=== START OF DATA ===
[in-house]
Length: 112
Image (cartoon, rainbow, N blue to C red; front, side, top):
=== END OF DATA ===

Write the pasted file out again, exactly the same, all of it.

[in-house]
Length: 112
Image (cartoon, rainbow, N blue to C red; front, side, top):